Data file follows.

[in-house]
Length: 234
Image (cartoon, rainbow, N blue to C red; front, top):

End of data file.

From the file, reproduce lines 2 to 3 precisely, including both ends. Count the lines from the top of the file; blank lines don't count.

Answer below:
Length: 234
Image (cartoon, rainbow, N blue to C red; front, top):